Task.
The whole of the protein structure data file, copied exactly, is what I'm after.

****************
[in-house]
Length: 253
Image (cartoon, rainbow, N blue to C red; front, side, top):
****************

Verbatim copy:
[in-house]
Length: 253
Image (cartoon, rainbow, N blue to C red; front, side, top):